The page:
Amber Bethell

Date of Award


Level of Access Assigned by Author

Open-Access Thesis

Degree Name

Master of Science (MS)


Spatial Information Science and Engineering


Harlan J. Onsrud

Second Committee Member

M. Kate Beard-Tisdale

Third Committee Member

Michael F. Worboys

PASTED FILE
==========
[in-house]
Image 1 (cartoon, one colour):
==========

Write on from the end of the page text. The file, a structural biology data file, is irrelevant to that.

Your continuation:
Use of geographic information systems is increasing in governments, commercial companies, and by individual users. With such pervasive use of GIs there has been surprisingly little investigation of the values that various parties would support in the development of geographic technologies. There are many parties involved in the use of GIs each with opinions of what are good goals for developing and using such systems. This research seeks to determine differences and similarities among parties in the importance placed on supporting specific societal goals germane to the use of geographic technologies and databases. Previous research determined six areas where the potential for disagreement between different parties involved in GIs might be high. The first phase of the research involved creating a survey. The survey was designed to determine to what extent conflicts are perceived to exist by those using and creating GIs and those who are subjects of such systems. Those sampled in the survey were asked how much value they would place on various societal goals. Each goal is believed to be a laudable goal by some parties using GIs. Response options ranged from unimportant societal goal to highly important societal goal. Statistical analysis of the results was performed. This allowed researchers to see if differences exist among the groups sampled for the value they place on supporting the goals. Various professional organizations with members involved in the use and development of geographic information systems are discussing the development of codes of conduct and recommendations for ethical education. The work done for this project hopes to serve as an initial step for creating ethical learning materials. The research also identifies areas where there is disagreement about what is beneficial for society so further research may be performed.